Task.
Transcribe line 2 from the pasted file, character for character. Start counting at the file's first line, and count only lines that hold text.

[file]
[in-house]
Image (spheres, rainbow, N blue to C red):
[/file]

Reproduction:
Image (spheres, rainbow, N blue to C red):